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Assessing adolescent health and wellbeing in Zimbabwe: economic analysis of Y-Check, a novel check-up strategy

   Department of Global Health and Development

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  Dr Giulia Greco  No more applications being accepted  Funded PhD Project (Students Worldwide)

About the Project

Improving adolescent health and wellbeing will contribute to the achievement of Sustainable Development Goal 3 ‘ensure healthy lives and promote well-being for all at all ages’. Y-Check is an innovative strategy for health check-up visits during adolescence in low and middle-income countries (LMICs). The approach is innovative and novel, because, in most LMICs, including Zimbabwe, few adolescents have any promotive or preventive contacts with the health system. The strategy will involve the screening and treatment/referral adolescents for common conditions through health check-up visits in younger (10-13y) and older (16-19y) adolescents. Adolescents will only be screened for conditions with an accurate and acceptable test and a locally-accessible effective intervention e.g. mental health, HIV, vision and hearing, anaemia. The following definition of adolescent wellbeing has been proposed ‘Adolescents thrive and are able to achieve their full potential’ (Ross DA et al, JoAH 2020). The effectiveness and cost-effectiveness of the intervention will be evaluated through a prospective intervention study in 4 communities, up to 6 primary schools, and up to 8 secondary schools in Chitungwiza, Zimbabwe. The Y-Check study in Zimbabwe is funded through a UKRI-funded Future Leaders fellowship to Aoife Doyle (Feb 2021- Jan 2025) and a Fondation Botnar multi-country study of adolescent check-up visits coordinated by WHO, Geneva (2022-2024).

The proposed PhD project is an economic analysis of this novel complex intervention aimed at improving adolescents’ wellbeing and academic achievement (Y-Check). The successful PhD candidate will develop and test new methods to measure and evaluate the impact Y-Check and will assess its cost-effectiveness.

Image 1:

The project will build on extensive previous work led by Giulia Greco on adapting, developing and testing wellbeing measures for use in economic evaluations of complex interventions, and on previous work by John Jerrim on the measurement of academic achievement.

Eligibility requirements

Applicants must meet minimum LSHTM entry requirements.

These studentships are open to applicants assessed as both ‘Home’ and ‘Overseas’ fee status. For further information about Fee Status Assessments please see the School’s policy and procedure document.

Subject areas

  • Health economics
  • Psychometrics
  • Economic evaluation
  • Education evaluation and assessment
  • Adolescent health and wellbeing
  • Mixed methods

Further information

For any queries regarding the project please contact Dr Giulia Greco at: [Email Address Removed], copying in Dr Aoife Doyle at: [Email Address Removed].

Funding Notes

The studentship will provide
- tuition fees (at the LSHTM Home fee rate); and
- a student stipend (at the UKRI studentship rate, which is GBP 17,609.00 in 2021-22)
for the duration of the award.
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